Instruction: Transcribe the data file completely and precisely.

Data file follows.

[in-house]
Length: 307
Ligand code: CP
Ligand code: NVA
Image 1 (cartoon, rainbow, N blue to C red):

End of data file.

[in-house]
Length: 307
Ligand code: CP
Ligand code: NVA
Image 1 (cartoon, rainbow, N blue to C red):